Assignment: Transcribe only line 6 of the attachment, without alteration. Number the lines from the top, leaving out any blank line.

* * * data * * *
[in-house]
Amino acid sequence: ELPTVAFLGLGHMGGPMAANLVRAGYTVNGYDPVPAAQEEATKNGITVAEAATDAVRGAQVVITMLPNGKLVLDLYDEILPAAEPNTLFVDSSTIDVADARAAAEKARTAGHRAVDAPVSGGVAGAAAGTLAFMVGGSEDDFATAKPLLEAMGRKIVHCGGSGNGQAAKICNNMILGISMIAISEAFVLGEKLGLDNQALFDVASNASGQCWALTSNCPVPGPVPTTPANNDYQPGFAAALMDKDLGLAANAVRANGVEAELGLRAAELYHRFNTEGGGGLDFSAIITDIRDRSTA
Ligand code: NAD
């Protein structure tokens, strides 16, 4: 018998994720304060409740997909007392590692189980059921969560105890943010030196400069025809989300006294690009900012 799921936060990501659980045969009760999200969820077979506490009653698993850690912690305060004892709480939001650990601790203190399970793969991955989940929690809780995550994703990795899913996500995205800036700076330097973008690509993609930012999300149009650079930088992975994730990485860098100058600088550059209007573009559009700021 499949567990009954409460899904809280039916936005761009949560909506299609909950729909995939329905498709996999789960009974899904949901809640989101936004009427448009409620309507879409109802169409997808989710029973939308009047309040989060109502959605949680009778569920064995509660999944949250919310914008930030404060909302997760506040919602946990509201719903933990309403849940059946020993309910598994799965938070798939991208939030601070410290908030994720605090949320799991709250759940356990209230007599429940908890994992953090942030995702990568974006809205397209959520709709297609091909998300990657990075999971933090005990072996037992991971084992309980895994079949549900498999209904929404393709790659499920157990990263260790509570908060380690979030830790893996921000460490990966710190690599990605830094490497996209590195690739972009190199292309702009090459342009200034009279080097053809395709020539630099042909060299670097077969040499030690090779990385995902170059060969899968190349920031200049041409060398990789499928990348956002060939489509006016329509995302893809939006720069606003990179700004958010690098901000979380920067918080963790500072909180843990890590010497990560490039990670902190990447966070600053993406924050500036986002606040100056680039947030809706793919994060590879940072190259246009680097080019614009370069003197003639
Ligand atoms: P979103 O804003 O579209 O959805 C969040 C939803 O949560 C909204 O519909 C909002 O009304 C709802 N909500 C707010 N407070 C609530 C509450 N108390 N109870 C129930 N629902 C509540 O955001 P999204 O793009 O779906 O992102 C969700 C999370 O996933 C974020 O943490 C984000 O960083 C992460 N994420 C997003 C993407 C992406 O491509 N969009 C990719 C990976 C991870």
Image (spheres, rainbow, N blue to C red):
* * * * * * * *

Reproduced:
Image (spheres, rainbow, N blue to C red):